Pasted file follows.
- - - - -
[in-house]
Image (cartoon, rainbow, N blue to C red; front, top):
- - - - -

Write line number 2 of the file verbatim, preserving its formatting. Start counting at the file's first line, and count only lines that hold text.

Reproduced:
Image (cartoon, rainbow, N blue to C red; front, top):